Solving problems with science

Some girls go through a horse phase. My daughter, Louisa, went through a volcano phase. She was in elementary school when she discovered that baking soda plus vinegar—plus food coloring, if you’re feeling extra adventurous—equals messy, bubbly fun. She’d conduct these experiments on our front porch, or on our kitchen floor, and the excited look on her face convinced me that if I could bottle that enthusiasm and turn it into energy (talk about a science experiment!), we could heat our house for the winter.

I was reminded of this enthusiasm a few months ago when I attended a SciGirls season-launch party with my technology-adept 12-year-old son, Elias, and his math-loving friend, Ariana. Produced by Twin Cities Public Television, the weekly PBS Kids show aims to spark and strengthen girls’ interest in science, technology, engineering, and math (STEM) before they enter high school. SciGirls won a Daytime Emmy in 2011 for outstanding new approaches in public television, and five of the 10 episodes in season two feature girls and mentors from Minnesota. 

I confess I wasn’t familiar with the show until I attended the party; I’m no longer a devoted PBS Kids viewer now that Louisa is 16 and my sons are 14 and 12 (although I’ll always have a soft spot in my heart for Arthur). Minutes into the first episode, though, I became a fan, as I discovered how inspiring it was to watch real girls having fun while solving real-life problems. 

It also was inspiring to talk to the some of the girls and their parents afterward about how the show has deepened their interest in STEM and in pursuing STEM-related careers.

Josie Wulff, a ninth-grader from Brooklyn Park, stars in an episode about multitasking, in which she and two other girls conduct an experiment to see how listening to music affects concentration.

Her dad, Joel Wulff, says he’s tried to foster his kids’ interest in science and technology by involving them in everyday tasks around the house, like fixing the garage door. He and Josie agree that her involvement with SciGirls has boosted her confidence.“You can do anything you set your mind to; you can figure out how to solve a problem,” she says.

Lisa Regalla, the show’s manager of science content and outreach, says the middle school years are a time when many girls begin to underestimate their science and math abilities. Parents can support their daughters by affirming that it’s OK to make mistakes—it’s not only expected, it’s encouraged.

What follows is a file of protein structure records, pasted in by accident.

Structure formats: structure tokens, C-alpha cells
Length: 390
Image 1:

“As we’ve shown in the episodes, everything doesn’t work all the time,” Regalla says. “Science is a process. You learn through your mistakes, and you move on.”

Making a living

STEM education is important for both girls and boys. But SciGirls focuses on girls because it hopes to encourage girls ages eight to 12 to continue taking STEM courses in high school and college, and to consider careers in STEM.

Studies have shown that even though girls, on average, take slightly more science and math classes in high school than boys, and young women now obtain half of all undergraduate degrees in math and the majority of degrees in health fields, they are less likely than young men to choose careers in science and engineering.

According to a Girl Scout Research Institute study, one barrier in attracting girls to STEM careers is a lack of knowledge about what STEM careers are and what they offer. 

SciGirls takes this to heart by connecting girls on the show with female mentors who work in STEM fields, and who help the girls design their own inquiry-based investigations—whether it’s designing a bicycle-powered ice cream maker or finding the best way to insulate an ice house. 

The show also recognizes the important role that parents play in encouraging their daughters to take STEM classes and consider STEM careers. 

Even though my daughter has no plans to become a volcanologist, I’m confident that the critical thinking and problem-solving skills she’s developed in her science and math classes—and in those messy kitchen floor experiments—will serve her well in any career she chooses.

Joy Riggs is a mother of three teenagers. She lives in Northfield. Send comments or questions to [email protected].

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